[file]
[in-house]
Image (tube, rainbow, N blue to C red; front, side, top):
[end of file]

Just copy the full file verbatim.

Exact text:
[in-house]
Image (tube, rainbow, N blue to C red; front, side, top):